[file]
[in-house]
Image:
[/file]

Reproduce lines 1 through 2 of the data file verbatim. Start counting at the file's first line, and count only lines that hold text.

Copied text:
[in-house]
Image: